2. It’s Making Me Mental

    If today’s news is making you feel like you’ve somehow landed on set of the next zombie apocalypse movie, you’re not alone. Words like “pandemic” and “quarantine” are scary, especially when the last time you heard them was while binge-watching The Walking Dead (no judgement – we’ve been there). Everyone processes information differently, and some may experience higher levels of mental and emotional stress than others. There is no right or wrong way to feel in response to the media messages you are receiving. However, chances are, you’ve experienced a negative impact on your lifestyle to some degree as a result of recent world events. With that said, it is just as important to take care of your emotional health as your physical health. Case in point: research has emerged revealing a correlation between negative emotional responses and lowered immunity. So, let’s take care of our mind and emotions so our body can take care of itself. Here are a few ways to give your mind and soul some TLC (all in the comfort of your own home):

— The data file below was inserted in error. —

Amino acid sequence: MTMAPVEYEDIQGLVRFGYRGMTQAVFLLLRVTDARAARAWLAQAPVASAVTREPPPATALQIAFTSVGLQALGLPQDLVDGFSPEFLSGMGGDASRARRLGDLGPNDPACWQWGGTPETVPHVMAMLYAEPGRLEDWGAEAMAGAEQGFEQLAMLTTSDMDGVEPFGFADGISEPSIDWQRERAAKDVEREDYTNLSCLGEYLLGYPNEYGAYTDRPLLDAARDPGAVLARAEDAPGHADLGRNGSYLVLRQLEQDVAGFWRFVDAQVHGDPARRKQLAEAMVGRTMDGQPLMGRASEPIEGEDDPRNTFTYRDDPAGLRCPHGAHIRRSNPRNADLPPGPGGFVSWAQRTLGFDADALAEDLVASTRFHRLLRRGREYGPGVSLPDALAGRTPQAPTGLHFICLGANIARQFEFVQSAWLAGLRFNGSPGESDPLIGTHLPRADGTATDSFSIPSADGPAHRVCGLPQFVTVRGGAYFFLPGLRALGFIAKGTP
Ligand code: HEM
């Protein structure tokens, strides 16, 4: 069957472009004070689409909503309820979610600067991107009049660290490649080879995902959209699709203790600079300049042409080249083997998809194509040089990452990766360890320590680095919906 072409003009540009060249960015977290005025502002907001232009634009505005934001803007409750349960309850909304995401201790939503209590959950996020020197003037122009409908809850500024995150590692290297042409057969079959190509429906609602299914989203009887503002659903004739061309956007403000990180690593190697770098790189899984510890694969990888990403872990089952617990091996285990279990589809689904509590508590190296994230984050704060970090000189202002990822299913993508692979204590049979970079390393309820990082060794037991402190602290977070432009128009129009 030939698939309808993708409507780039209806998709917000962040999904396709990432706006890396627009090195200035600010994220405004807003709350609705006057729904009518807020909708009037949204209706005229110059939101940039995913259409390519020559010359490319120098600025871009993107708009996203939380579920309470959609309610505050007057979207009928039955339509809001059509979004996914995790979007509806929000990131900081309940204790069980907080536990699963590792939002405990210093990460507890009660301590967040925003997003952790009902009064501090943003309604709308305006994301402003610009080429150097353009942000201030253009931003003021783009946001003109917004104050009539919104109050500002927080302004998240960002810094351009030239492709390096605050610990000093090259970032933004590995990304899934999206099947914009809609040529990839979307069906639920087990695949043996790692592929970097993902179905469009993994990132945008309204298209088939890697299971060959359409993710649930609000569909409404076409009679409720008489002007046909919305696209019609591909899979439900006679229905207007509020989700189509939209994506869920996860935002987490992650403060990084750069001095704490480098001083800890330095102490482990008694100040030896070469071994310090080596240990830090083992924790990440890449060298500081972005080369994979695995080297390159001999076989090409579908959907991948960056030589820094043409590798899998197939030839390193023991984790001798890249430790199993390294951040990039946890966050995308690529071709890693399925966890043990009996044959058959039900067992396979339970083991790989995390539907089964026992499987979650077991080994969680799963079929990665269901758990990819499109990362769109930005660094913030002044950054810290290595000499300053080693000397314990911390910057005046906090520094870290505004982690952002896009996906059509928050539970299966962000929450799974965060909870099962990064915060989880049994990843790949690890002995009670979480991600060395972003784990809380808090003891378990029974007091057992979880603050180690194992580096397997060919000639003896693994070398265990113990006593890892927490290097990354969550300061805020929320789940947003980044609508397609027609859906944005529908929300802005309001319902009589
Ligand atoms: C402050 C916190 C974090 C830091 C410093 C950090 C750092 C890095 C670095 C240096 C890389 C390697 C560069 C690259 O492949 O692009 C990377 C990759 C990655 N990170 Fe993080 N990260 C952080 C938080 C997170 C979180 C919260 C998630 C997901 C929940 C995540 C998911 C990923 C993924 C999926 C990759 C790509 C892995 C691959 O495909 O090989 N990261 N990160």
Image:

• Find a few new healthy recipes you’d like to try and get cooking! If you’re wanting to avoid the grocery store, try out a meal kit or grocery delivery service. I just received my first box from Imperfect Foods, a company that delivers high quality food deemed “not pretty enough” to be sold in most grocery stores. We received a week’s worth of groceries (including fresh fruits, veggies, meats, and fancy cheeses) all for $52. (P.S. Face The Fear is not sponsored by any food delivery service. We just genuinely like the companies linked above).